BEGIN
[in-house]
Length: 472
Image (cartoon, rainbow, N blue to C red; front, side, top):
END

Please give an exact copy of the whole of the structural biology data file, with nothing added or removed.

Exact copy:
[in-house]
Length: 472
Image (cartoon, rainbow, N blue to C red; front, side, top):